• The GlobeDocs Film Festival continues through the weekend, with the screenings on Friday and on Saturday afternoon taking place at the Paramount Theater downtown before moving to Fenway Park for closing night film Fastball. Not sure where they're showing it in the park, but the concession stands will be open. There will be one last show on Sunday, with the Audience Award winner playing the Paramount at 1pm.
  • Lost in Hong Kong keeps going at Boston Common, which also opens another Chinese movie, Goodbye Mr. Loser, a comedy in which a middle-aged man winds up back in his high-school years, looking to fix his mistakes.

    Apple Cinemas Fresh Pond has a sort of good news/bad news situation with their main new relese: Jazbaa stars Aishwarya Rai and Irrfan Khan in a thriller about a defense attorney blackmailed into representing a monster, which is a nice cast, but it's Sanjay Gupta ripping off a South Korean movie again (Seven Days, this time), and I'm hoping that very few of you remember how Zinda turned out. There's also Aatagara if you speak Kannada, Ennu Ninte Moideen if you speak Malayalam, with Talvar also sticking around.
  • More Proto-Noir at The Brattle Theatre this week, including plenty of double features: The Mummy & The Invisible Man on Friday, Underworld & Little Caesar Saturday, The Devil Is a Woman & Shanghai Express Sunday, The Thin Man & The Kennel Murder Case on Monday, Sabotage & You and Me on Tuesday, and a single feature of They Drive By Night on Wednesday. All except Shanghai Express and Friday's presentations are 35mm.

    For those who like animation, there are special screenings of Boruto: Naruto the movie on Saturday & Sunday afternoon (which may be pre-sold out, because that manga/anime is crazy popular). The "Real Weird Brattle: Animated Weirdness" screening at 11:30pm on Saturday is French classic Fantastic Planet,presented on 35mm. There's also the Kickstarter Film Festival on Thursday, which pairs What We Do in Shadows with shorts "Afronauts" at 7pm; and T-Rex with animated shorts "Submarine Sandwich" (by PES!) and "Don Hertzfeldt's "The World of Tomorrow" at 9:20pm.
  • At The Harvard Film Archive, Ben Rivers appears in person with his entry in the "A Matter of Life and Death" Movies-About-Movies series, The Sky Trembles and the Earth is Afraid and the Two Eyes Are Not Brothers. The series continues at 9:15pm on Saturday with Rapture (preceded by "The Black Tower" in 16mm). The Guy Maddin series continues on Saturday with Careful. The Five O'Clock Shadow comes a half-hour earlier on Sunday with The Lady in the Lake, which I don't contributes any of the five thousand or so clips that make up Thom Andersen's Los Angeles Plays Itself. The weekend's programs finish up with The Conversation part of "Furious & Furiouser". All in 35mm.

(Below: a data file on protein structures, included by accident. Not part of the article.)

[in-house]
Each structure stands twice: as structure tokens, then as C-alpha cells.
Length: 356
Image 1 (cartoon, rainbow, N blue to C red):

• The Museum of Fine Arts has one last screening of Breathe, before they go all-in on "Dutch Paintings: A Cinematic Exploration", with The Mill and the Cross (Friday/Sunday/Thursday), Museum Hours (Saturday), Tim's Vermeer (Saturday/Wednesday), Rembrandt's "J'Accuse" (Sunday/Wednesday/Thursday)
  • Bright Lights has two recent but memorable movies for their free screenings: Amy on Tuesday and Roar on Thursday, both with Emerson faculty leading discussion afterward.
  • The Regent Theatre has two movie presentations next week: A fortieth-anniversary sing-along presentation of Monty Python and the Holy Grain on Wednesday and Reel Rock 10 on Thursday - which, contrary to what you might expect from this venue, is more about climbing than music.
I really want to get out to Reading to see The Walk on the gigantic screen, because otherwise, what's the point of it? Not looking forward to choosing between The Thin Man and The Conversation on Monday, but will be doing The Lady in the Lake and other noir things. Somewhere in there, I may try to get to Revere for Ladrones and Fenway for Fastball, and I'll probably fit Pan in somewhere too. Looks like another weekend of not unpacking.